The difference in voltage between the two will cause a current
flow between them in the only path they can find which is your
house wiring. This is enough to cause serious damage to your wiring
including starting fires.
Something like this happened to us a few years back. During a
thunderstorm, we smelled smoke in the house – the acrid kind that’s
like ozone. It was highest in the area under the stair near the well
I think the breaker flipped; I don’t remember. Maybe we flipped it
or shut off the main. (I’m the daughter of a long line of electrical
contractors; checking breakers is in my blood. ) There appeared to
be no other action to take, as no fire was apparent. (We do have
a/b/c fire extinguishers throughout the house.) We checked that area
repeatedly for hours after, as smoldering fires can go on and on
unnoticed if they get into a big house beam.
A heads-up was that we had electric power but no water pressure. The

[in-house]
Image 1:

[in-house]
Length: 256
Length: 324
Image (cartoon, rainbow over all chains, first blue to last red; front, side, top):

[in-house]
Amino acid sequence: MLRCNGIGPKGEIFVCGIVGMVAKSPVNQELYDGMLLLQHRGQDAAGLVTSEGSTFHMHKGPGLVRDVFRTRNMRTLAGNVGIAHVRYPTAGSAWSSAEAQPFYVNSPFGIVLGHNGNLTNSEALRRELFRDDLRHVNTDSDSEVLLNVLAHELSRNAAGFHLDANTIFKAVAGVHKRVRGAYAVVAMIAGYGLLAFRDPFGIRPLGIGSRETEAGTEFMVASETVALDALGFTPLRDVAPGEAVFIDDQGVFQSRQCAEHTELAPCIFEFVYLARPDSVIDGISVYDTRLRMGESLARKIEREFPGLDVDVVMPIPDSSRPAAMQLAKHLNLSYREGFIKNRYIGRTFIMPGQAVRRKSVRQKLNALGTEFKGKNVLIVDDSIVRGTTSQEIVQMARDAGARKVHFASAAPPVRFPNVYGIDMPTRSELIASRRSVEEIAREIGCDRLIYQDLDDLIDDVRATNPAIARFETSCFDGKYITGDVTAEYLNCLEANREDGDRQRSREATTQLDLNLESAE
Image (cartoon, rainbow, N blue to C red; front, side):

electrical wiring from the retaining tank runs out to our well 50
Next day, we went outside to examine the wellhead. I was expecting
to see melted metal. No apparent damage! Nor to nearby trees, utility
pole, house, roof, chimneys, etc. (Though trees hit by lightning can
appear mostly normal for a year or two before they finally die.) No
aroma of burning.
Nonetheless, the well pump AND ALL OF THE UNDERGROUND WIRING between
well and house had to be replaced. A colossal inconvenience that
could have been a tragedy.
My best guess, as we live in the woods, is that lightning hit a
nearby tree, traveled down, and “jumped” to the 300-foot-deep metal
shaft that houses our well-water line and the housing for its wiring.
I presume they acted as the main grounding mechanism. I’m guessing
that the metal housing for the well wiring was the conduit to the
house. Or maybe the underground water pipe, which dates to 1981 and
could well be copper.
The gentlemen who replaced our well said they hear quite often about
wells and well-wiring going kaput after a thunderstorm, with no
obvious nearby damage.